Who were the Ninth Doctor’s assistants?
The Slitheens, intent upon taking Earth as their own, made a memorable first appearance in “Aliens of London”, following that up with nearly bringing on “World War Three” in the next episode of the same name. They make another appearance in “Boomtown,” and are an integral part of the series-long “Bad Wolf” story.
“Dalek” also brought back a familiar and dreaded foe, one that was supposed to have been completely and utterly destroyed in the Time War. That even a single one has escaped calls his entire sacrifice of Galifrey and the Time Lords into question.
While not strictly a foe, the children in the gas masks as seen in the two part serial, “The Empty Child” and “The Doctor Dances,” are among the creepiest appearances ever on the show. Series One has several instances of the Gothic horror that the BBC is renowned for.
Autons, as controlled by the Nestine consciousness, are a returning villain, not seen since their defeat by the Third Doctor over 30 years before. We find out that their home-world (like many others) has been destroyed as collateral damage in the Time War.
Other foes include the The Mighty Jagrafess of the Holy Hadrojassic Maxarodenfoe who runs Satellite Five, the Gelth and the Reapers.
What technology did he rely on?
Of course, the radical redesign of the TARDIS for the New Series is perhaps the biggest change to technology that is shown. Instead of being the old familiar white control station, the new ship is a much larger set with the basic elements of the old TARDIS remaining while the feel and finish of this shop has been described by many as “organic".
The Ninth Doctor’s reign was notable for the fact that we saw the return of the sonic screwdriver – much modernised and apparently able to do far more than it could in the past. This one emits a blue light and has several more settings than previous models.
The Doctor also benefited from “mildly” psychic paper, which appeared as blank to a few very clever people, but usually was seen as whatever kind of ID the Doctor wanted someone to see.
Nano-robots from the Chula Medical Transport that Captain Jack is found on play an important role in both causing and curing problems, the technology itself being benign. Jack also carries a site-to-site trans-mat bracelet that the doctor does not approve of.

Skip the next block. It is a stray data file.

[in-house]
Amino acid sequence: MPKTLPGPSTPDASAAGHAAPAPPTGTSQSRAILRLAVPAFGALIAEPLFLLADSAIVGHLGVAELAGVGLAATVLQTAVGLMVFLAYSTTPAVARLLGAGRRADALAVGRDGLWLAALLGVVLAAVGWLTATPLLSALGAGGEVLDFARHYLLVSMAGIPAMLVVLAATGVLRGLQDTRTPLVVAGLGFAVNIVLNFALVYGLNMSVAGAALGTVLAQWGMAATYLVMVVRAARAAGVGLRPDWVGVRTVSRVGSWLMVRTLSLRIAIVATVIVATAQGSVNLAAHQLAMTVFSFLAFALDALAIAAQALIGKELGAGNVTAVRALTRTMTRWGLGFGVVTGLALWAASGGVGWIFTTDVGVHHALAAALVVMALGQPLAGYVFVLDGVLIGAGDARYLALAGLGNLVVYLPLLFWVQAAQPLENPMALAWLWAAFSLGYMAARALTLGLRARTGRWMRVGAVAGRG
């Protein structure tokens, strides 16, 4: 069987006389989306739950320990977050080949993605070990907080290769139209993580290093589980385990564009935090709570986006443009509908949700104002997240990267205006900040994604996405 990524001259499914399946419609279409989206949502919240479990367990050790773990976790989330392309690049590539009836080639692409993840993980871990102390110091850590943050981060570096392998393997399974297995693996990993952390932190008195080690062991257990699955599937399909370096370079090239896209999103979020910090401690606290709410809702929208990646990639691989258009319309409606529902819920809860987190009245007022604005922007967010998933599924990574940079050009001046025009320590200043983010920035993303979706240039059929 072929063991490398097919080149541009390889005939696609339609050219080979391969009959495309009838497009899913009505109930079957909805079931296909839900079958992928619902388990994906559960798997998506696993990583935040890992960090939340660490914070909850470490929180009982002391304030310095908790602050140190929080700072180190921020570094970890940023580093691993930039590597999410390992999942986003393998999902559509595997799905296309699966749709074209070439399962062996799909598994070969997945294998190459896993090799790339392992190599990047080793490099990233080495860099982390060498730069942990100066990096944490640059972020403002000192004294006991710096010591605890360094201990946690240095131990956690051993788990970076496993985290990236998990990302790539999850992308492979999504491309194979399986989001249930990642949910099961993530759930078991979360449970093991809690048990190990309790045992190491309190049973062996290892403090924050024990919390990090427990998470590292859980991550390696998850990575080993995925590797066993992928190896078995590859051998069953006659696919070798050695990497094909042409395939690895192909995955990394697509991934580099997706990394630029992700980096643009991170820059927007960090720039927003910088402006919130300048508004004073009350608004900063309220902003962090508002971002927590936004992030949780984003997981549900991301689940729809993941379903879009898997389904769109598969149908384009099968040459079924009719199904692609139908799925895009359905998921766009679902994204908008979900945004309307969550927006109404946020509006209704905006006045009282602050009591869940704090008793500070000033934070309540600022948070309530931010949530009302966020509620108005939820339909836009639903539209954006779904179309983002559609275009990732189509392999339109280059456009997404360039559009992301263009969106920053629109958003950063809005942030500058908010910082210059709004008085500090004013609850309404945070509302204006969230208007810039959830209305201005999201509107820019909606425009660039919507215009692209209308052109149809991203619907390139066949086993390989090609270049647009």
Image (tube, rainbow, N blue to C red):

Doctor Who- The Ninth Regeneration
The Doctor's ninth regeneration
Facing a dire Dalek threat, the Doctor cannot simply stand by and let Rose be consumed by the energy of the TARDIS, so he gives his life to save hers in a final act before regeneration into his 10th form during the episode, “The Parting of the Ways.” Without this act of bravery on her part, she's able to both defeat the Daleks and save the Doctor’s life.
At the end of it, Rose briefly sees the face of the Tenth Doctor as he's introduced to us in the next episode “The Christmas Invasion.” Having been most recently “pushed” into regenerating early by the power of both the Matrix and the Eye of Harmony.
Filmography of the Ninth Doctor
Series 1 – 2005
- Rose – The Doctor, newly regenerated, is looking for the Nestine consciousness and meets Rose instead.
- The End of the World – On a station observing the fiery destruction of the Earth 5.5 billion years in the future, a malfunction seems to be a directed action.
- The Unquiet Dead – A trip to 19th century London find the Doctor and Rose in good company while they investigate a particularly curious type of “haunting”.
- Aliens of London / World War Three – The Earth is being invaded by a race called the Slitheen, who have assumed positions of power in government.
- Dalek – A secret facility that captures space junk has something particularly dangerous in their collection.
- The Long Game – Not all is as it seems on Satellite Five during the Fourth Great Human Empire.
- Father's Day – The Doctor takes Rose back to see the day her Father died, but she just can't leave history alone, no matter how dire the consequences.
- The Empty Child / The Doctor Dances – A mysterious ship leads the TARDIS to London during the Blitz, where something is making the children act very oddly.
- Boom Town – Cardiff has a new mayor and she's pushing progress through at all costs.
- Bad Wolf / The Parting of the Ways – Upon revisiting what should be the Fourth Human Empire, Humanity seems to have been impaired by horrible reality shows, but an even darker force is behind it all on Satellite Five.